Under the experimental conditions, wild-type mice always formed an occlusive thrombus in response to the chemical irritant (such as shown in supplemental Figure 1 on the Blood website). In contrast, the PIP5KIγ-null mice usually formed thrombi as rapidly as wild-type mice, but these vascular occlusions were unstable (Figure 6A-C). Together, these results suggests that PIP5KIγ plays a critical role in stable platelet adhesion ex vivo and in vivo.

Discussion

Reports by several groups have shown that PIP5KIγ can associate with talin under certain circumstances.12,13,39-42 The atomic structure of a fragment of mouse talin-1 (amino acids 306-429) bound to a peptide corresponding to amino acids 641-648 of PIP5KIγ has also been published.43 Our data demonstrate that p90 PIP5KIγ can localize with talin in a primary cell, but surprisingly is not required for integrin-mediated adhesion. Instead, it affects the linkage between membrane bound integrins with the underlying cytoskeleton in platelets. Curiously, we also observed that mice lacking both p87 and p90 PIP5KIγ have impaired platelet adhesion ex vivo and impaired thrombus formation in vivo.

What is the relationship between PIP5KIγ and integrins?

Our data are in agreement with a model first proposed by Di Paulo et al and Ling et al that p90 PIP5KIγ associates with talin.12,13 We demonstrated p90 PIP5KIγ-talin colocalization by immuno-electron microscopy and by genetic evidence that cells lacking PIP5KIγ or talin36 share a similar membrane phenotype. Our finding is not consistent with publications that suggest that p90 PIP5KIγ is essential for integrin activation.12,13 Instead, we determined that all aspects of integrin signaling analyzed were completely normal in platelets lacking this isoform of PIP5KIγ. The apparent discrepancies in our findings might be attributable to our studies of a primary cell as opposed to cell lines or might be unique to the biology of platelets. Our data are consistent with work that demonstrates that PIP5KIγ-synthesized PIP2 in fibroblasts is necessary for the coupling of integrins with the actin cytoskeleton.20,21 However, our work demonstrates that in platelets, neither of the PIP5KIγ isoforms is required for the binding of integrins to their ligands. Instead, PIP5KIγ likely functions to provide integrin-dependent signaling events once adhesion occurs.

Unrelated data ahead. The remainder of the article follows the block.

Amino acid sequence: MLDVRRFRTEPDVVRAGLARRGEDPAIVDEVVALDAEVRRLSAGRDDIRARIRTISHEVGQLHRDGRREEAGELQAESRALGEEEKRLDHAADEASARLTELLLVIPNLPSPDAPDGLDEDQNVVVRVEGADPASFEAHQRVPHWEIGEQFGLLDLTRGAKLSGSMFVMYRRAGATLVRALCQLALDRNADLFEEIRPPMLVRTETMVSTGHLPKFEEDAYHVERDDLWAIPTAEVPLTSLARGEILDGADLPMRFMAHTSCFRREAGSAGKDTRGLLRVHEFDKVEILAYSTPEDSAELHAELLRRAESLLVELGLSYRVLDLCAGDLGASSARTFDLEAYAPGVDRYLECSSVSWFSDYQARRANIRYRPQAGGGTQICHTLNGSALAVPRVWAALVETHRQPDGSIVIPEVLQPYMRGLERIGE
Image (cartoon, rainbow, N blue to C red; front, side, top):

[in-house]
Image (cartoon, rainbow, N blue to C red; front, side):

A surprising finding in this study is the observation that the loss of both p87 and p90 PIP5KIγ impairs stable integrin-mediated platelet adhesion, yet the loss of p90 PIP5KIγ alone does not have this effect. This indicates that p87 PIP5KIγ is actually the isoform that is critical for stable adhesion or that platelets need only 1 of the 2 PIP5KIγ isoforms to support adhesion. Intriguingly, stable integrin-mediated adhesion does not correlate with the ability of integrins to anchor to the underlying cytoskeleton (compare Figure 3B with Figures 3C and 6D). Microscopy of adherent platelets indicates that platelets lacking both p87 and p90 PIP5KIγ fail to form small clusters in the flow chamber (Figure 5C). This suggests that PIP5KIγ is mediating a signaling event that promotes shear-resistant aggregates of platelets. The nature of this signaling cascade is not evident at this point, although it clearly does not involve the activation of FAK (Figure 4D).

Stable thrombus formation is impaired in PIP5KIγ−/− MLC-2v Cre+ mice that lack both PIP5KIγ isoforms. Although the thrombosis defect could be attributable to a lack of PIP5KIγ in a cell other than in a platelet, it is notable that their platelets display a shear-resistent integrin-mediated adhesion defect ex vivo.44 Therefore, our experiments suggest that the in vivo adhesion defect in the PIP5KIγ−/− MLC-2v Cre+ mice is attributable to their platelets.

How does PIP5KIγ link the cell membrane to the underlying cytoskeleton?

Our findings suggest that the p90 PIP5KIγ splice variant contributes to the flexibility of the platelet membrane. These data are consistent with work by Raucher et al45,46 that demonstrated that marked disruption of PIP2 by overexpression of phospholipid-sequestering polypeptides or inositol phosphatases or by pharmacologic activation of phospholipase C reduces the adhesion energy between the cell membrane and the cytoskeleton. Our data also support the findings by Sun et al,47 which showed that overexpression of PIP5KIγ increased the rigidity of the membrane in T cells. The structural mediators of this PIP2-driven signal are less clear, but candidate PIP2-binding proteins are vinculin, talin, and filamin. We and others36,48,49 have demonstrated that cells lacking any of these 3 proteins have impaired anchoring of their membranes to the underlying cytoskeleton. Because of the close proximity between p90 PIP5KIγ and talin, impaired talin-mediated linking of the cell membrane with the cytoskeleton is the most plausible explanation for the phenotype observed in PIP5KIγ-null platelets. Thus, in contrast to other PIP5KI isoforms, PIP5KIγ may be uniquely poised to locally generate high concentrations of PIP2 that regulate this specific function of talin. Curiously, failure to anchor platelet integrins to the underlying cytoskeleton does not affect platelet adhesion ex vivo or in vivo.